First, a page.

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    Coming into the 1998 NFL playoffs, the Green Bay Packers were the defending champions, and the Denver Broncos were just another wild-card team.

    As the story would go, both teams would eventually meet in the playoffs, and it would be the defending champs that would fall to the Broncos and quarterback John Elway.

    The Broncos were by far huge underdogs coming into this game, as this was the team's fifth Super Bowl appearance, losing all four before.

    Elway was the QB the last three times they lost, so it was hard to believe that things would be any different, especially against the Pack.

    The cheeseheads were overwhelming favorites—11.5 points to be exact—but they lost the game by seven.

43. LSU, Florida, UCLA and...George Mason?

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    For the George Mason Patriots to even be in the NCAA tournament, that calls for an upset on its own.

    When they defeated (in order) No. 5 Michigan State, No. 3 North Carolina, No. 7 Wichita State and then No. 1 Connecticut to take the Washington D.C. bracket of the 2006 tournament to make the Final Four, well now you are talking about an upset.

    The team was unable to get past the Florida Gators, who eventually went on to win the whole thing.

    Well, not all stories have a perfect ending.

42. Culture Shock

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    The Americans have never really been that great at soccer, or football, whatever pleases you. Basically, they have never been that great at moving things with their feet.

    So when they were able to defeat the English team 1-0 at the 1950 World Cup, many fans who had heard of the news stateside had to be shocked, especially considering the team were 500-1 shots to win the game.

    Not to mention, they were outscored 45-2 in their last seven international matches.

41. Beat Up the Cop

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    Coming into UFC 70, many were pretty sure Gabrielle Gonzaga was going to get his world rocked by the beast of a fighter that was Mirko "Cro Cop" Filipovic.

    In a shocking result, Gonzaga took him out with his own signature move, which was a high kick—one that he planted right onto Filipovic's head.

    It was one of the biggest shocks in UFC history, which eventually opened the door for Gonzaga to get bigger matches, including an eventual title shot.

    He is looking to make another upset as he wants another shot at the title.

40. Can't Clinch for Finch

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    Coming into the 2008 Olympics, the U.S. softball team hadn't dropped a game since 2000.

    The team was riding a 22-game winning streak in Olympic play, but all things have to come to an end, as Japan defeated them at the Beijing summer games.

    Too bad softball has been dropped from the 2012 Olympics. No shot at redemption.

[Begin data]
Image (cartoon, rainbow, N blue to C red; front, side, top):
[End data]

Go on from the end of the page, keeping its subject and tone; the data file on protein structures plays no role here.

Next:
39. Come On, Man

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    Not sure if I can call this an actual upset, or just that I am upset that this still qualifies as a win.

    Back in 1972, the United States Olympic basketball team were favorites heading into the gold medal round against the Soviet Union.

    The team had not lost their last 63 games, but somehow they lost this one 51-50.

    The catch was that there was a ton of controversies with the clock, giving the Soviets three different opportunities to pass the ball in.

    Whatever the case, the team still was only up by two at the moment. 

    Verdict: upset.

38. No Jokey, Down with the Hokies

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    What was just supposed to be an easy win for the Virginia Tech Hokies actually turned into a nightmare.

    Their football team was taking on the James Madison Dukes, who were an FCS team. The Dukes were actually regarded to be a good team during the 2010 season coming in with a win already, but no one imagined they could beat an FBS team.

    Especially the No. 13 Hokies.

    Well, VT learned their lesson in trying to beat up the little guy.

37. Don't Mine Me

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    Calvin Borel, you are a lunatic. But wow, can you win.

    He is nuts because whenever he races, he will get behind the pack so that he can get in position to ride the rail to make a push to the front.

    Borel entered the 2009 Kentucky Derby jockeying Mine That Bird, a 50-1 shot to win the race.

    He faded back, took the rail and, well...

    Yep, you guessed it. He won.

36. "I Coulda Been a Contender"

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    Alright, this quote actually has to do with a completely different movie, On the Waterfront, but both have to do with a struggling boxer.

    The film Cinderella Man actually is based on this story, which is about heavyweight boxer James Braddock.

    Fighting—literally—for a shot at making something of himself, Braddock finds his way back to ring and starts to climb the ranks as a journeyman.

    He finally lands a shot at the heavyweight title, and is pitted against the champion Max Baer.

    A 10-to-1 underdog, Braddock upset the big man to win the title.

    Be right back—I have to go watch this flick again.

35. A Walk-off to Turn the Talk off